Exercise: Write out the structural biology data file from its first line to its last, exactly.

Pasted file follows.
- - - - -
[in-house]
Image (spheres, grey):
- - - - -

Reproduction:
[in-house]
Image (spheres, grey):